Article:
This international collaboration, published in the journal Earth Surface, Process and Landforms, includes the GRG’s own Ana Vila Concejo and Tommy Fellowes together with GRG international collaborators Shari Gallop from Waikato University (New Zealand), John Largier from University of California Davis (USA) and Maryam Rahbani from Hormozgan University (Iran), who just spent a few months working with us at the GRG in Sydney (we miss you Maryam!).
Gallop, S. L., Vila‐Concejo, A., Fellowes, T. E., Harley, M. D., Rahbani, M., and Largier, J. L. (2020) Wave direction shift triggered severe erosion of beaches in estuaries and bays with limited post‐storm recovery. Earth Surf. Process. Landforms, https://doi.org/10.1002/esp.5005
Key findings of this paper:
- Beaches in estuaries and bays have their own unique behaviours compared to open-coast beaches
- High-intensity storm waves can penetrate into estuaries and bays with up to 100% of beach volume lost to single events.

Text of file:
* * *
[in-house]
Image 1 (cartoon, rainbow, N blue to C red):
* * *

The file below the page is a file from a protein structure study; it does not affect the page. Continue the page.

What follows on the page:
- A lack of modal beach-building waves in estuaries and bays limit recovery rates when compared to open coast beaches
- Shifts in storm wave directions need to be considered for long-term estuarine and bay beach resilience
This paper is an outcome of the Partnership Collaboration Award between Sydney University and The University of California Davis and provides insights into the behaviour of beaches in estuaries and bays (BEBs), which cannot be considered scale-down versions of open-ocean beaches. This research builds on the recent book chapter in Sandy Beach Morphodynamics of beaches in estuaries and bays (BEBs) and includes data from Kamay (Botany Bay) and the Pittwater since 2015-2016, including the effects of the large storm that affected the SE coast of Australia in June 2016
– Tommy and Ana